We went chasing waterfalls to Letchworth State Park in western New York state. The park is a seventeen-mile strip along the Genesee River as it flows north to Lake Ontario. (Yes, there are a lot of rivers that flow north.) We were chasing waterfalls, and the park has three large ones. They were all magnificent, but they made me feel old. The spouse and I wished we had visited the park decades ago (but we never heard of Letchworth until much later) because we would have done much more hiking on the well-maintained trails.
Our country has many wonderful state parks, but surely few of us are familiar with even most of them, and the 2015 newspaper poll that labeled Letchworth the number one state park in the country was a bit silly. However, having been there, that outcome seems at least defensible.
On the other hand, while the Genesee flows through a scenic gorge that was beautiful from every angle, it does seem a stretch to call Letchworth, as some do, “the Grand Canyon of the East.” It does not have the depth of the Grand Canyon with different climates and flora as you descend. It does not have the colors of the Grand Canyon. It does not have the burros of the Grand Canyon. It is not the Grand Canyon of the East. Letchworth, instead, has beauty and charm of its own. And it has its own history.
William Pryor Letchworth donated a thousand acres to New York state in 1906 that formed the heart of Letchworth State Park. Mr. Letchworth, a successful industrialist and businessman from nearby Buffalo, had started buying the land a half century before. Pictures at the park show that the riverbank was clear cut and studded with ugly lumbering mills. W. P. Letchworth razed the mills and allowed most of the land to reseed naturally. A house was also part of the purchase. Letchworh had this site landscaped by William Webster, who had been mentored by Frederick Law Olmstead. Letchworth named this estate Glen Iris. Glen Iris functions today as an inn.
The restaurant in the inn, where we had an ok lunch, is named Caroline’s. The back of the menu explained why but left me with some questions. Letchworth did much charitable and social work with a special concern for children, and in 1875 he inspected all the state institutions that housed children. The menu indicates that Caroline Bishop met Letchworth when she was fifteen and was impressed by him. She completed her education and taught school for ten years but then in 1883 became a secretary and executive assistant to Letchworth, who was sixty. The menu states, “Caroline was his true right hand—from research and writing assistance for his numerous books to knowing every detail of his business and legal documents.”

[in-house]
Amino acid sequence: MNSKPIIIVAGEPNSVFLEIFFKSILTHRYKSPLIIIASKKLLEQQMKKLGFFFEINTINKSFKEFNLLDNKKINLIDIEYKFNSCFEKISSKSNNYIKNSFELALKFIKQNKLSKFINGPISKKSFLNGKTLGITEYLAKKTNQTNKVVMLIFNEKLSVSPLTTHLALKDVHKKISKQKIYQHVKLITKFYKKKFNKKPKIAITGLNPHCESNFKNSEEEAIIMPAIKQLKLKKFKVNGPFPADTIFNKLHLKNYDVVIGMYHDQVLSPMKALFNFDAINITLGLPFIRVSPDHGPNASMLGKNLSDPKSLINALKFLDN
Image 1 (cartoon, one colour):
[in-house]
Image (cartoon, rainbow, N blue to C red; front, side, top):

She was with Letchworth when he suffered a stroke and when he died seven years later in 1910. She became superintendent of the park at its inception and later the curator and librarian of the museum that stands on the Glen Iris grounds. She worked at the park until shortly before her death in 1926.
William Pryor Letchworth was a noteworthy man, and his name lives as does a bit of his story in Letchworth State Park. Caroline Bishop must have been a noteworthy woman. How many females were superintendents of state parks in 1915 or helped create a museum that still attracts people? But as with many other noteworthy women, even with her abilities widely apparent, she was consigned to be the sidekick to a “great man.” Most of these women are lost to history, so I was glad that the restaurant in Glen Iris was named after her, and I could learn something about Caroline Bishop.
But, I must confess, I wanted to know a bit more. The brief accounts of Mr. Letchworth I have read mention no marriage but an active male social life. The brief accounts of Bishop’s life do not mention any social life except for what seems the delicately put statement that Caroline “was also a close companion [to Letchworth], because once she began as his assistance (sic), she never left his side.” My prurient side was left hanging. Tell me more, please, tell me more.
Caroline Bishop’s roles in the life of Mr. Letchworth and in the creation of the park named after him may have been largely forgotten and she may have been little known in her lifetime except as an easily forgettable minor adjunct to Letchworh, but another woman with a connection to the land that would become Letchworth State Park, Mary Jemison, was widely known.
(continued October 11)